Some Turks see Lebanon UN force chance to revive glories

ANKARA — Some Turks see participating in the Lebanon peacekeeping force as a chance to reassert Turkish influence in the region, decades after their Ottoman Empire ruled across southeastern Europe, North Africa and the Middle East.

But others see a more dangerous outcome if they send troops to help enforce a ceasefire between Israel and Hizbollah fighters: A Mideast quagmire that could engage Turkish troops in hostile fire with fellow Muslims.

“Turkey having a military presence beyond its borders would be a prestigious development,” said Turhan Comez, a legislator from the ruling Justice and Development Party.

“However, such a risk taken under these unstable conditions will draw Turkey into the line of fire, and I don’t even want to think of the consequences,” he added.

The government asked parliament late Friday to approve sending troops to monitor the ceasefire between Israel and Hizbollah fighters that ended 34 days of fighting last month. Lawmakers are expected to vote on the resolution Tuesday — the day UN Secretary General Kofi Annan, who has called for Muslim participation in the UN force, is to arrive in Ankara for talks with Turkish leaders. The government has yet to determine the number of peacekeepers it would send, but it was expected to range between 500-1,000.

Europe, the US and Israel are eager to see peacekeepers from Turkey — NATO’s only Muslim member and one of the few Muslim nations with ties to Israel — in the hope it could avert the impression the UN force is primarily Christian and European.

And Ankara, nostalgic for the former glory of the Ottoman Empire, has hankered for a key role in a country it ruled for centuries.

The Ottoman Turks — who began conquering nearby lands with the decline of the Arab empire in the 14th century — added Lebanon and Syria to their domain in 1516. By the 19th century, however, the Ottoman Empire was unable to stop Western interest in the oil-rich Middle East and regional desires for independence. After World War I, France and Britain divided what remained of the empire into protectorates: Today’s Syria, Lebanon, Iraq and Jordan. Since then, however, the region has fallen into turmoil — and the Islamic-rooted Turkish government believes it could play a role in returning stability to the region.

“Turkey has an obligation as a regional power and the old guardian of the Middle East to exert its positive influence on developments,” editor in chief Ilnur Cevik wrote in The New Anatolian.

Prime Minister Recep Tayyip Erdogan said he is responding to Lebanese Prime Minister Fuad Saniora’s request for Turkey’s help monitoring the truce. He assured Turks the soldiers would only be protecting peace and helping with humanitarian aid, not disarming Hizbollah fighters.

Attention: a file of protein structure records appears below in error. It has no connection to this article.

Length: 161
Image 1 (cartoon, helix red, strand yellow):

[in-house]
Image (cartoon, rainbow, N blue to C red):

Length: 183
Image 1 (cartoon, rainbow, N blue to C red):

“It would be treason to our history, our future and the high interests of our people to stay away,” Erdogan told the nation in a televised address Thursday, playing on the emotional outpouring of support in Turkey for the Lebanese people.

“Let’s not forget: If we shut our doors, we can’t escape the flames that are surrounding us,” he said. “If you stay away, you become spectators to the killings of innocent people and to your own future.” The government is also aware that responding to the international call for help could boost Ankara’s efforts to join the European Union.

European Commission President Jose Manuel Barroso highlighted Turkey’s “strategic role” in the UN force Wednesday, praising the “significant reforms” Ankara has made on democracy and the economy, according to Turkey’s state-owned Anatolia news agency.

But some analysts question the consequences of Turkish participation.

“No good can come of this deployment for Turkey,” said Michael Rubin of the American Enterprise Institute, a conservative Washington think tank. “There is no real peace between Hizbollah and Israel. Does Turkey really want to be in the middle of it?” Rubin said joining the UN mission would have little meaning other than being “a triumph for Erdogan’s neo-Ottomanism.” He also warned that any confrontation with Hizbollah could pit Turkey against Iran, a key backer of Hizbollah with which it now has cordial relations.

“Such an unwanted development would amount to an undeclared war against Iran,” said Nihat Ali Ozcan, an analyst with the Economic Policy Research Institute in Ankara.

And then there is the potential for fierce opposition at home.

Many Turks fear their soldiers could end up facing hostile fire with fellow Muslims. President Ahmet Necdet Sezer, who serves in a figurehead role but has enormous influence in the country, has already spoken out against such a mission.

“It is not our responsibility to protect the interests of other countries,” he said last week. Lebanon’s Armenians, who make up about 4 per cent of the country’s population, have also come out against Turkish participation — a reminder that some in the region have not completely shed bitter memories of Ottoman rule.

Armenians accuse the Ottoman Turks of killing 1.5 million ethnic Armenians in 1915 in what they call a campaign of genocide. But Turkey vehemently denies any systematic genocide, insists the number of dead is significantly inflated and says most died from disease and hunger when they fled or were deported to Syria and Lebanon during World War I.

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